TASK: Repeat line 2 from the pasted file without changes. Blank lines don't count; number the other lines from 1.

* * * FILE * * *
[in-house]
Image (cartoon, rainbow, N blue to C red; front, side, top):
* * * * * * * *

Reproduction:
Image (cartoon, rainbow, N blue to C red; front, side, top):